(a) This rule will not produce a Federal mandate. In general, a Federal mandate is a provision in legislation, statute, or regulation that would impose an enforceable duty upon State, local, or tribal governments, or the private sector, and includes both “Federal intergovernmental mandates” and “Federal private sector mandates.” These terms are defined in 2 U.S.C. 658(5)-(7). “Federal intergovernmental mandate” includes a regulation that “would impose an enforceable duty upon State, local, or tribal governments,” with two exceptions. It excludes “a condition of federal assistance.” It also excludes “a duty arising from participation in a voluntary Federal program,” unless the regulation “relates to a then-existing Federal program under which $500,000,000 or more is provided annually to State, local, and tribal governments under entitlement authority,” if the provision would “increase the stringency of conditions of assistance” or “place caps upon, or otherwise decrease, the Federal Government's responsibility to provide funding” and the State, local, or tribal governments “lack authority” to adjust accordingly. (At the time of enactment, these entitlement programs were: Medicaid; AFDC work programs; Child Nutrition; Food Stamps; Social Services Block Grants; Vocational Rehabilitation State Grants; Foster Care, Adoption Assistance, and Independent Living; Family Support Welfare Services; and Child Support Enforcement.) “Federal private sector mandate” includes a regulation that “would impose an enforceable duty upon the private sector, except (i) a condition of Federal assistance; or (ii) a duty arising from participation in a voluntary Federal program.”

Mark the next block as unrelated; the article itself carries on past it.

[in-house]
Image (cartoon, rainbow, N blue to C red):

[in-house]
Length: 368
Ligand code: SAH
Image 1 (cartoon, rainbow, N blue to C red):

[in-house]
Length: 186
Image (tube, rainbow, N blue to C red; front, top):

The designation of critical habitat does not impose a legally binding duty on non-Federal Government entities or private parties. Under the Act, the only regulatory effect is that Federal agencies must ensure that their actions do not destroy or adversely modify critical habitat under section 7. Non-Federal entities that receive Federal funding, assistance, permits, or otherwise require approval or authorization from a Federal agency for an action, may be indirectly impacted by the designation of critical habitat. However, the legally binding duty to avoid destruction or adverse modification of critical habitat rests squarely on the Federal agency. Furthermore, to the extent that non-Federal entities are indirectly impacted because they receive Federal assistance or participate in a voluntary Federal aid program, the Unfunded Mandates Reform Act would not apply; nor would critical habitat shift the costs of the large entitlement programs listed above on to State governments.
(b) The economic analysis discusses potential impacts of critical habitat designation for the southwestern willow flycatcher on water management activities, administrative costs, livestock grazing, residential and commercial development activities, Tribes, transportation activities, recreation activities, and fire management activities. The analysis estimates that annual costs of the rule could range from $29.2 to $39.5 million annually using the most likely costs scenario. Impacts are largely anticipated to affect water operators and Federal and State agencies, with some effects on livestock grazing operations, land development activities, and recreation activities. Impacts on small governments are not anticipated, or they are anticipated to be passed through to consumers. For example, costs to water operations would be expected to be passed on to consumers in the form of price changes. Consequently, for the reasons discussed above, we do not believe that the designation of critical habitat for the southwestern willow flycatcher will Start Printed Page 39231significantly or uniquely affect small government entities. As such, a Small Government Agency Plan is not required.
In accordance with Executive Order 12630 (“Government Actions and Interference with Constitutionally Protected Private Property Rights”), we have analyzed the potential takings implications of proposing critical habitat for the southwestern willow flycatcher in a takings implications assessment. The takings implications assessment concludes that this proposed designation of critical habitat for the southwestern willow flycatcher does not pose significant takings implications.
The authority for this action is the Endangered Species Act of 1973 (16 U.S.C. 1531 et seq.).Start Signature
Dated: June 30, 2005.
Assistant Secretary for Fish and Wildlife and Parks.
[FR Doc. 05-13402 Filed 7-6-05; 8:45 am]